Medieval physicists thought gravity
was love. They catalogued it attraction.
Gravitational attraction. That every entity,
man and thing, man-thing, just drafty fractions
and, loosed, would seek the earth their own.
Oh, how the spoon rushes into the arms
Of the beloved when fumbled. All seeking home.
All fall down. Hold us, great mass, from every harm.
A step, a stumble, down, ow, a knee,
an elbow, pow, a pop, a ligament,
a slippery staircase of concrete and steel,
unforgiving as an old lover’s heart
that you busted up pretty good, yeah you.
And now you’re gravity’s fool falling for true.
by John Calvin Hughes
John on Facebook
Editor’s Note: This sonnet’s complex repetitions lull the reader into its mysteries.
for Suzanne and Ed
A flash of black and white across the green
of six a.m. Maine meadow—flying fur,
a mighty heart, a nose for prey unseen,
an eye for playthings tossed—Finn’s always sure
to catch the disc that sails across his lawn,
to catch the sunlight in his glossy coat,
to catch and so to share whatever dawn
might promise, in his flight the antidote
to vague human complaints. He runs a race
he always wins, past drifts of Russian sage,
beyond the trellised grapes; he owns the place,
and us as well, demanding we engage
with earth and atmosphere and things that fly.
Our hearts rise with his, happy to comply.
by Jean L. Kreiling
Editor’s Note: As always, this poet’s easy grasp of the sonnet form supports the central theme—Finn. This poem explains why we love our pets.
Not on Her Original To-Do List
These chores so nearly weren’t hers—this drill
of clean up, pick up, cheer up, save the day,
read Dr. Seuss although she’s had her fill,
make chocolate milk, make monsters go away,
sing bunny songs, play hide-and-seek, explain
why everything, learn how to fix toy trucks
and choo-choo trains and how to toilet-train,
teach that a cow moos and a chicken clucks,
and kiss skinned knees. So when she has a few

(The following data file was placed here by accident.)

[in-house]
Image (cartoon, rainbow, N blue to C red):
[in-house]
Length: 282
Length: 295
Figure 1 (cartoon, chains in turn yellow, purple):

free moments to converse with grownups, read
a grownup book, and eat as grownups do—
from toddler’s tyranny fleetingly freed—
she’s startled by her dread as it occurs
to her: this life so nearly wasn’t hers.
by Jean L. Kreiling
Editor’s Note: This sonnet describes the tediousness of parenting, yet by the end, the joy of it is much more strongly felt than the frustration.
Sonnet to negotiate peace with your dementia
You’re dozing in your rocker, feet planted.
You clutch the chair’s arms, appearing prepared
for the shock of bad news, your neck slanted
head jutting forward. Oh my dear gray scared
bird, while invisible worms still burrow
you stop searching for a table to hold
your reading glasses. And then you furrow
your forehead, begin to snore. You turn old.
The unread want ads lie on your stomach.
They rise and fall between us as we breathe.
Will I tell you? No, I’d rather mimic
you now, observe in silence all that seethes.
I thought I might explain why we’re broken.
But sleep. This, too, will remain unspoken.
by Tracy Lee Karner
Tracy on Facebook
Editor’s Note: This poem delicately offers a glimpse into the slow loss of a person. It’s all the more poignant because the narrator’s emotions are strong, but kept in check by love.
Over the Edge
The wind was strong and at our back all day
So we sped merrily across a sea
Awash with floating patches of debris,
Mostly planks and oars and castaway
Crates and sea chests, and sometimes a stray
Capsized lifeboat, thudding sluggishly
Against our hull with tiresome frequency
And spinning and foundering on the ricochet.
The boats they sent to stop us have turned back
And there are no birds trailing in our wake;
We sail beyond the maps and charts alone.
And now the waters swirl and skies grow black
And in the distance vast waves rise and break
And we are doomed. If only we had known.
by David Stephenson
Editor’s Note: This sonnet offers the reader a bleak situation. It isn’t until the closing lines that the metaphor becomes real.